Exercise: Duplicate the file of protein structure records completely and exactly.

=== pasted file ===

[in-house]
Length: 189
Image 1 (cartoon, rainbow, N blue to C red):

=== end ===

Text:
[in-house]
Length: 189
Image 1 (cartoon, rainbow, N blue to C red):